It turns out that the space-like hypersurfaces are of constant curvature, and therefore there is a classification of such hypersurfaces that comes from differential geometry. They are classified by their sectional curvature, positive, negative or zero.

The idea of a "saddle" (a hyperbolid paraboloid in the language of elementary calculus) is used to provide an example of a 2-dimensional surface that has negative curvature. The usual example for positive curvature is a sphere and for zero curvature the plane. However, there are other more exotic examples, and it is possible, for instance, to have a torus with zero curvature, or a cylinder with zero curvature.

BlueCoyote
2009-Jul-01, 09:35 PM
Professor Richard Pogge of Ohio State University goes through the various points as described by DR R in lecture 36 "the Big Bang" of his 2006 Course Astronomy 162 which is free through Itunes by the way.

He spends about 4 lectures talking to Einsteins Universe which I think you might find interesting....

Really though this stuff is really hard to understand.
.....listen mull over
.....listen mull over again.
.....consider learning the mathematics then realise I ain't got time.
.....accept.

.....that's where I'm at

Sam5
2009-Jul-01, 11:41 PM
If you have not read "Flatland" by Edwin Abbott Abbott I would recommend it. (It's a very quick read.) The author had many purposes in mind when writing it, but the main vehicle of the story is a 2-dimensional world populated by 2-dimensional beings, and what that would "look like" to we 3-dimensional beings, and how the 2-dimensional beings would perceive us.

Rob

I think Edwin Abbott wrote “Flatland” in 1884 as a humorous fairy tale booklet, much like Alice in Wonderland, but designed for educated adults. It was a joke, a satire about Arthur Cayley’s address to the British Association in 1883 and about Cayley’s remarks about flat little beings in a 2-dimensional world. These are the flat being referred to in Chapter XXXI of Einstein’s book “Relativity, the Special and General Theory”:

http://www.bartleby.com/173/31.html

Cayley’s remarks at the 1883 meeting were re-published in The Living Age in October 1883:

First page of article, lower right side, page 177:

http://digital.library.cornell.edu/cgi/t/text/pageviewer-idx?c=livn;cc=livn;xc=1;idno=livn0159-3;g=moagrp;q1=Arthur;q2=Cayley;node=livn0159-3:1;size=s;frm=frameset;seq=187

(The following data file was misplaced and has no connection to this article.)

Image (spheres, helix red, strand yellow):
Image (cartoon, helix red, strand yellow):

See his remarks about the flat beings are on page 183, left column, about halfway down the page:

http://digital.library.cornell.edu/cgi/t/text/pageviewer-idx?c=livn;cc=livn;xc=1;idno=livn0159-3;g=moagrp;q1=Arthur;q2=Cayley;node=livn0159-3:1;size=s;frm=frameset;seq=193

See:

”I have just come to speak of four-dimensional space. What meaning do we attach to it? or can we attach to it any meaning? It may be at once admitted that we cannot conceive of a fourth dimension of space; that space as we conceive of it, and the physical space of our experience, are alike three-dimensional; but we can, I think, conceive of space as being two or even one-dimensional; we can imagine rational beings living in a one-dimensional space (a line) or in a two-dimensional space (a surface), and conceiving of space accordingly, and to whom, therefore, a two-dimensional space, or (as the case may be) a three-dimensional space, would be as inconceivable as a four-dimensional space is to us.”

Also see Richard Proctor’s response to the article in his own article titled “Dream Space”, published in The Living Age in January of 1884 (see the beginning at the bottom left side of page 228):

http://digital.library.cornell.edu/cgi/t/text/pageviewer-idx?c=livn;cc=livn;xc=1;idno=livn0160-4;g=moagrp;q1=Richard;q2=Proctor;q3=%C3%83%C2%A2%C 3%82%C2%80%C3%82%C2%9CDream-Space%C3%83%C2%A2%C3%82%C2%80%C3%82%C2%9D;node=liv n0160-4:1;size=s;frm=frameset;seq=238

Sam5
2009-Jul-02, 01:10 AM
The concept of flat two-dimensional beings goes back at least as far as Helmholtz in 1870. Einstein mentions Helmholtz as being one of the sources of the concept in Chap. XXXI of his own book. There are several internet sources for the Helmholtz “two-dimensional beings” lecture of 1870:

“ON THE ORIGIN AND SIGNIFICANCE OF GEOMETEICAL AXIOMS”

(English translation of a) Lecture delivered in the Docenten Verein in Heidelberg, in the year 1870.

Go here and do a search for the word “beings”:
http://www.archive.org/stream/lecturespopularo00helmrich/lecturespopularo00helmrich_djvu.txt

Also go here and see page 650 or use the search term “beings”:

http://books.google.com/books?id=UQqLHyd8K0IC&pg=PA647&lpg=PA647&dq=helmholtz+%22Origin+and+Significance+of+Geometr ical+Axioms%22&source=bl&ots=smYlxQCSb4&sig=qgyUcDUzv2r9ixVcsEh5ZpHb4is&hl=en&ei=7gFMStOEKofkNdDL3f8P&sa=X&oi=book_result&ct=result&resnum=1